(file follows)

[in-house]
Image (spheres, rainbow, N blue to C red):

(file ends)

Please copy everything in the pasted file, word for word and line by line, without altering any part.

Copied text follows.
[in-house]
Image (spheres, rainbow, N blue to C red):